Canada will miss Mel Hurtig
The day my husband and I stumbled across a campaign office for The National Party of Canada in 1993 was the first time I heard of Mel Hurtig. Like a majority of Canadians— then and now— we were dissatisfied with the political situation in Canada. At a time in our lives when we might have begun closing our ears to the political system that had never served our interests, since we were new parents we had a strong incentive to keep searching for solutions to what wasn’t working.
The National Party seemed sincere in its insistence that “Now is the time for real change.”
I learned a lot from reading the campaign literature, and later some of Mel Hurtig’s published work. One thing that was always abundantly clear was that Mr. Hurtig was a passionate Canadian who worked long and hard in hope of making this great country better. So I was sorry to learn of the passing Mel Hurtig.
Perhaps the saddest thing was the shocking superficiality of the Globe and Mail obituary. That the self proclaimed “Canada’s National Newspaper” would employ a negative characterization of Mr. Hurtig as a “political agitator” in the title suggests the deficiencies of this obituary may arise from the corporate serving newspaper’s disapproved of Mel Hurtig’s politics.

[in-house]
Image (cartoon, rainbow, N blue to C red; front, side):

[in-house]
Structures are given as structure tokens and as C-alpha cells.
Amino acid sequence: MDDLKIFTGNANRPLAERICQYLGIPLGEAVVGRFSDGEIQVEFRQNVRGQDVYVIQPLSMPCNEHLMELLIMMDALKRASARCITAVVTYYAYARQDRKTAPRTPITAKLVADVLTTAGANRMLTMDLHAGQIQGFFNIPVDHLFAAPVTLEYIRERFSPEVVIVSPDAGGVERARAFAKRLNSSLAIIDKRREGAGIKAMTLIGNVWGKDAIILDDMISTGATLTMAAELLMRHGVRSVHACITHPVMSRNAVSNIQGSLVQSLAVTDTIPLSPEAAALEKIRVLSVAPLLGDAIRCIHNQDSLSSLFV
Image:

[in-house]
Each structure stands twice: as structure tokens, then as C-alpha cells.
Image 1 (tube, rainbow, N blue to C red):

To my mind the worst of the obituary is that it was misleading:
He ran for a federal seat for the National Party of Canada in the 1993 election, but did not win.
— Globe and mail: Publisher, author and political agitator Mel Hurtig dies at 84
There is no denying that running for office in any political party requires a great deal of commitment. With this casual dig, the Globe brushes aside this reality, but even more it ignores the fact that Mel Hurtig wasn’t just a candidate for the National Party, he founded it. In spite of the fact the single election party failed to win any seats in Parliament, Mr. Hurtig’s achievement in attracting and running a nationwide slate of candidates is a measure of his dedication. This is a man who was both willing and able to engage and inspire Canadians.
A more fitting tribute is this:
Mel Hurtig loved this country more than anyone I ever met. He founded the Council of Canadians along with many dedicated Canadians to fight for a better world.
We mourn his passing.”
— Maude Barlow, Remembering Mel Hurtig